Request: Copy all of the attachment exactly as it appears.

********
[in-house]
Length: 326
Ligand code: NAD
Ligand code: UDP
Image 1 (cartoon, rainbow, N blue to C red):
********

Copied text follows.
[in-house]
Length: 326
Ligand code: NAD
Ligand code: UDP
Image 1 (cartoon, rainbow, N blue to C red):